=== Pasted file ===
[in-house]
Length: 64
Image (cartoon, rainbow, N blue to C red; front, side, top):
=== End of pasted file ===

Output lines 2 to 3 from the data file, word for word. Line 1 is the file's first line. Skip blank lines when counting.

Length: 64
Image (cartoon, rainbow, N blue to C red; front, side, top):